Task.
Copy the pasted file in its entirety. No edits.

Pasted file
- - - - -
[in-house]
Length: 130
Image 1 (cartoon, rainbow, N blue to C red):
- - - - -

[in-house]
Length: 130
Image 1 (cartoon, rainbow, N blue to C red):